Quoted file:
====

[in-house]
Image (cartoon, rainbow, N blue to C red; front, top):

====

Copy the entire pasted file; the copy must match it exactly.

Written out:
[in-house]
Image (cartoon, rainbow, N blue to C red; front, top):